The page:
Intentional Coronectomy With Pulpectomy- A conservative approach
Wisdom teeth are the last teeth to erupt in the oral cavity usually when the individual is in his/her teens i.e. between 18-24 years. However, depending on the space available and the position of the teeth they might erupt only partially or stay un-erupted and embedded in the bone. This in the dental terminology is called as Impaction of wisdom tooth.
The impacted wisdom tooth/teeth might cause many problems like infection, pain of head and neck, foodlodgement & cavity of impacted tooth or preceding tooth & so-on. Therefore they have to be removed by a surgical procedure called Dis-impaction.
However, there are many potential complications and risks. One such complication is paraesthesia. It refers to a situation where post-operatively there is temporary or permanent numbness of the lip/tongue due to damage to the nerve during removal procedure. This is especially seen in cases where the impacted teeth is in very close proximity to the mandibular nerve or lingual nerve.
One such patient aged 42 years visited Fine Feather dental clinic at Nehrunagar centre, with a chief complain of persistent pain in lower left back teeth. An OPG x-ray revealed a partially erupted wisdom tooth, the roots of which were completely encircling the mandibular nerve, as was observed by subsequent CT-scan investigation.
The patient was advised removal under general anaesthesia by an oral surgeon with a very high risk of potential complication of paraesthesia. The risk was very high due to the location as well as the age of the patient, since the paraesthesia in this age group is normally permanent in nature. The patient was thus reluctant to carry out the treatment and came to Fine Feather Dental Clinic for second opinion. The team at Fine Feather comprising of Dr. Keval Shah, Dr. Anish Tiwari and D.r Partho Mukherji discussed the case and thrashed out an alternative treatment plan for the same. Dr Anish felt that Coronectomy whereby the crown is removed and the roots/root are/is left submerged might be the solution.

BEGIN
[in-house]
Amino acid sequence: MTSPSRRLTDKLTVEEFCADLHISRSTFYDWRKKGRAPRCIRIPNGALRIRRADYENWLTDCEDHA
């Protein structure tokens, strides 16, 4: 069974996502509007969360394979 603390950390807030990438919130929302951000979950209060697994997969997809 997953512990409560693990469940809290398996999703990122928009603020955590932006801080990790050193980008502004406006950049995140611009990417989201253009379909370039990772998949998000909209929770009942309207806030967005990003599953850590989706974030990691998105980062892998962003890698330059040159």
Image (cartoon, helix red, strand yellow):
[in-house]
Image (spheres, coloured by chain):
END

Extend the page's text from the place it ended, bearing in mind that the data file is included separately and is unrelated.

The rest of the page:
Based on this an inter-disciplinary treatment plan was decided. The crown that was causing the problem would be removed surgically and the roots which had the potential to cause complication during/after removal would be left in situ after carrying outpulpectomy.
At Fine Feather, the pulpectomy was performed by Root Canal specialist Dr Partho Mukherjee & the coronectomy followed by sutures was done by Dr Anish Tiwari. Care was taken to see that the roots were completely embedded 2 mm. beneath the bone by the flap. The patient was recalled after six weeks and an X-ray was taken. There was complete cessation of pain and the X-ray also showed signs of healing. The patient has been advised regular recall visits every six weeks to monitor the condition and rule out any pathology.
Dr Keval Shah feels that such conservative approach like, “intentional coronectomy with pulpectomy” may be a good treatment alternative for this kind of high risk patients as regards potential complications like permanent Paraesthesia, provided the roots that are left in situ do not undergo any pathologic changes like transformation into cyst/tumour later on. Another advantage to the patient is that the procedure can be done under local anaesthesia thus obviating the need for General Anaesthesia and its potential complications and cost escalation.